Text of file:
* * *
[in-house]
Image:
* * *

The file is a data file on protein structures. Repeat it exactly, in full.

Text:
[in-house]
Image: